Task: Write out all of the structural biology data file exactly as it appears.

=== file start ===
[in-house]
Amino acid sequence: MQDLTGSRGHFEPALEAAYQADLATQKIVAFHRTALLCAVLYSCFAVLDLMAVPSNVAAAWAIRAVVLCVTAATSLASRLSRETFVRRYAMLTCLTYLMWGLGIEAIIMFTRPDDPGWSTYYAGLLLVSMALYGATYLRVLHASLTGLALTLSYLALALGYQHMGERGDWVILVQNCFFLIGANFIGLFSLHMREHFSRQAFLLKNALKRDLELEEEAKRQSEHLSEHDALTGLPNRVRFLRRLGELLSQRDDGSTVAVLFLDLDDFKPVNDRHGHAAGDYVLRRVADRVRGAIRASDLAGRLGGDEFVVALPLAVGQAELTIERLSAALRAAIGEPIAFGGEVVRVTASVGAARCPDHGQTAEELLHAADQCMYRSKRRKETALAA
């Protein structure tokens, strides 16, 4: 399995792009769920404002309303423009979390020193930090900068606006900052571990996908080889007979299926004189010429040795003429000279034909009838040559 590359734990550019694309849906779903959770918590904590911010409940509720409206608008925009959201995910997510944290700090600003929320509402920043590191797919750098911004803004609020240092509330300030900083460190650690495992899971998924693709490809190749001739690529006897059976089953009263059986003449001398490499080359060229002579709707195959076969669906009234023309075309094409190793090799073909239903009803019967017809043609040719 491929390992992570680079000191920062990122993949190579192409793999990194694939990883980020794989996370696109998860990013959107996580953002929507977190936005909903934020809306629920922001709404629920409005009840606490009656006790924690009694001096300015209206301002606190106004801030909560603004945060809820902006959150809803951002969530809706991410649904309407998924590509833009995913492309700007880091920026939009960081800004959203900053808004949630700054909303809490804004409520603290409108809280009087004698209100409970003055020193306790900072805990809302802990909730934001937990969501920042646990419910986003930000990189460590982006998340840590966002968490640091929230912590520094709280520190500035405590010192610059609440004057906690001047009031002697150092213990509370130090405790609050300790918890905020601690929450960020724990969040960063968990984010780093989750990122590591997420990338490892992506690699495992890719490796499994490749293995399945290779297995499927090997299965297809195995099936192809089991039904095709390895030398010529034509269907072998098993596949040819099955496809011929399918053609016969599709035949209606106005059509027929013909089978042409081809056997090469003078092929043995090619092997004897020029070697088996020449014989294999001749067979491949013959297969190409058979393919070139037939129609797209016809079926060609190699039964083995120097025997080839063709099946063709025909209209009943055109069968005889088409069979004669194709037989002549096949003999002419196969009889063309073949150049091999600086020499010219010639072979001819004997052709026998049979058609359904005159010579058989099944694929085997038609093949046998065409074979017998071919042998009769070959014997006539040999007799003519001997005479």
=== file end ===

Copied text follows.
[in-house]
Amino acid sequence: MQDLTGSRGHFEPALEAAYQADLATQKIVAFHRTALLCAVLYSCFAVLDLMAVPSNVAAAWAIRAVVLCVTAATSLASRLSRETFVRRYAMLTCLTYLMWGLGIEAIIMFTRPDDPGWSTYYAGLLLVSMALYGATYLRVLHASLTGLALTLSYLALALGYQHMGERGDWVILVQNCFFLIGANFIGLFSLHMREHFSRQAFLLKNALKRDLELEEEAKRQSEHLSEHDALTGLPNRVRFLRRLGELLSQRDDGSTVAVLFLDLDDFKPVNDRHGHAAGDYVLRRVADRVRGAIRASDLAGRLGGDEFVVALPLAVGQAELTIERLSAALRAAIGEPIAFGGEVVRVTASVGAARCPDHGQTAEELLHAADQCMYRSKRRKETALAA
């Protein structure tokens, strides 16, 4: 399995792009769920404002309303423009979390020193930090900068606006900052571990996908080889007979299926004189010429040795003429000279034909009838040559 590359734990550019694309849906779903959770918590904590911010409940509720409206608008925009959201995910997510944290700090600003929320509402920043590191797919750098911004803004609020240092509330300030900083460190650690495992899971998924693709490809190749001739690529006897059976089953009263059986003449001398490499080359060229002579709707195959076969669906009234023309075309094409190793090799073909239903009803019967017809043609040719 491929390992992570680079000191920062990122993949190579192409793999990194694939990883980020794989996370696109998860990013959107996580953002929507977190936005909903934020809306629920922001709404629920409005009840606490009656006790924690009694001096300015209206301002606190106004801030909560603004945060809820902006959150809803951002969530809706991410649904309407998924590509833009995913492309700007880091920026939009960081800004959203900053808004949630700054909303809490804004409520603290409108809280009087004698209100409970003055020193306790900072805990809302802990909730934001937990969501920042646990419910986003930000990189460590982006998340840590966002968490640091929230912590520094709280520190500035405590010192610059609440004057906690001047009031002697150092213990509370130090405790609050300790918890905020601690929450960020724990969040960063968990984010780093989750990122590591997420990338490892992506690699495992890719490796499994490749293995399945290779297995499927090997299965297809195995099936192809089991039904095709390895030398010529034509269907072998098993596949040819099955496809011929399918053609016969599709035949209606106005059509027929013909089978042409081809056997090469003078092929043995090619092997004897020029070697088996020449014989294999001749067979491949013959297969190409058979393919070139037939129609797209016809079926060609190699039964083995120097025997080839063709099946063709025909209209009943055109069968005889088409069979004669194709037989002549096949003999002419196969009889063309073949150049091999600086020499010219010639072979001819004997052709026998049979058609359904005159010579058989099944694929085997038609093949046998065409074979017998071919042998009769070959014997006539040999007799003519001997005479």